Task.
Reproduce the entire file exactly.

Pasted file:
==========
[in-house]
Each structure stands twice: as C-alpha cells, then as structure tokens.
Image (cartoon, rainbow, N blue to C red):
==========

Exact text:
[in-house]
Each structure stands twice: as C-alpha cells, then as structure tokens.
Image (cartoon, rainbow, N blue to C red):